"Cautious optimism" is the phrase that has been popping up in articles and conversations when the topic turns to the possibilities for 2005. It's a phrase that neatly captures the mood of the business community as the new year begins. No one knew what to expect at the start of 2004, but toward the end of the year most people relaxed a bit. Even with a war going on, there have been no major terrorist incidents on U.S. soil and the presidential race has been decided.
In 2004 the economy grew modestly overall, not more than a few percentage points, but unemployment rates remained higher than most analysts expected. In the printing and publishing industries, consolidation continued. Some printers shut their doors while others found partnerships to help ease the financial burden. Everyone in the graphic arts, though, felt as though they got some kind of economic boost from major events such as the Olympics and the elections.
At the Print Outlook 2005 conference held in Virginia in early December, Dr. Ronnie Davis, chief economist for the trade organization PIA/GATF, reported that "U.S. print markets showed surprising strength over the first three-quarters of 2004. Indeed, sales growth was the strongest since the late 1990s." Davis's statistics indicate that while 28 percent of printers saw sales decrease, the majority (64 percent) saw sales increase several percentage points or more.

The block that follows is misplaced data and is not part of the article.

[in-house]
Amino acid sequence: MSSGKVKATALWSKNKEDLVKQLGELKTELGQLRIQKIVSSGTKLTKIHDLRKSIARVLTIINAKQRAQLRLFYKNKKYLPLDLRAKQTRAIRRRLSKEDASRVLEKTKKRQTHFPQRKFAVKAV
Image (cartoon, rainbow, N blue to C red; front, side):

For 2005, industry observers and analysts agree that the prospects for the graphic arts industry are good, but not great. No boom, but no bust, either. Industry watcher Dr. Joe Webb sums up the 2005 prospects this way: "Commercial print volumes will stabilize, but still lag economic growth and inflation. The best sectors will be consumer magazines and direct mail. Real growth, adjusted for inflation, will only be about 1.25 percent for all of 2005 ... The steep decline of the industry is over for now."
It isn't just the pundits who are thinking 2005 will offer somewhat improved opportunities; most graphic arts professionals think business will be at acceptable levels or better. A year-end Outlook 2005 study released by Trend-Watch Graphic Arts reports the print community is "upbeat" about 2005. According to the study, 32 percent expect business in the next 12 months to be excellent, better than the previous 12 months, while 58 percent expect business to be OK or at least as good as 2004.
Advertising a leading indicator
In simpler times it was easy to imagine that if companies were pouring more money into advertising, most of the money would find its way into the pockets of graphic arts professionals. These days …